The VICE Guide to Right Now

Can WhatsApp Handle the Sudden Spike in Video Calls?

The free video call and chat app is battling much more than just fake news.
20 March 2020, 7:35am
Can WhatsApp Handle the Sudden Spike in Video Calls
Photo by Rachit Tank / Unsplash

As the novel coronavirus infects 2,45,913 people across the world at the time of writing this, everyone from private sector employees to party animals are being asked to substitute their office and bar tables for their home desks. But just because going out has been cancelled, doesn’t mean talking to your seven different best friends has to be. From therapists helping people cope with the health crisis to couples who have suddenly been catapulted into a long-distance situation, video calling has emerged as a major quarantine companion. There’s just one small issue: Facebook isn’t sure that they can handle the sudden surge in people using WhatsApp or Messenger calling features, especially if the pandemic worsens.

According to Facebook CEO Mark Zuckerberg, both these apps are seeing exponentially high levels of calling via WhatsApp, especially in countries facing the crisis. “In terms of stats, we’re seeing very elevated levels of use in Italy and in all countries that have been affected. Calling, right — so in terms of WhatsApp or Messenger for calling is more than double overall what it normally is,” he said on a press call.

While WhatsApp generally only sees such a spike around New Year’s Eve, when everyone is finding the middle ground between getting shitfaced and wishing their families, the COVID-19 self-quarantine has made this increase in traffic a daily occurrence. Now, parent company Facebook is trying to make sure that the servers don’t crash if it wants to prevent people’s positive spirits from doing the same. “We’re trying to make sure that we can stay in front because of course right now this isn’t a massive outbreak in the majority of countries around the world yet, but it is – if it gets there then we really need to make sure we’re on top of this from an infrastructure perspective to make sure that things don’t melt down, and we can continue to provide the level of service that people need in a time like this,” explained Zuckerberg on the call.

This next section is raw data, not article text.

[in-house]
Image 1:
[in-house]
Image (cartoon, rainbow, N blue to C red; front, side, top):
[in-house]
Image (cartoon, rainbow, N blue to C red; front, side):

In fact, this isn’t just a WhatsApp problem, although the app has emerged as a favourite probably because it’s free. According to the The New York Times, access to the internet, especially home servers, could get super strained with the spike in the number of people relying on it for work, information and memes. Virgin Media, UK’s second largest broadband server also announced that it would work on ensuring that everyone got online access. Even other video calling services such as Skype and Zoom have seen a sudden surge in bosses wanting to make sure their employees aren’t using work from home for Netflix-and-nap, thus stressing their servers. In fact, even Netflix has decided to reduce its streaming quality in Europe to make sure binge-watching schedules run smoothly. Currently, the general view is that companies are working on it, but are worried that this could be a lot worse if the coronavirus spreads rapidly in heavily populated countries like India.

But while #foreveralone memes and cat content have made it slightly easier to deal with all the anxiety and concern that comes with the coronavirus, WhatsApp has also had a huge fake news problem in this global pandemic. People are peddling everything from bogus recipes to fake cures for coronavirus through WhatsApp forwards, so much so that Facebook even had to release an info hub to verify facts in an effort to counter the infodemic. Still, our quarantines would be a lot less chill if we no longer had the option to see a friendly face on the other side of this black mirror.

Follow Shamani Joshi on Instagram.

Advertisement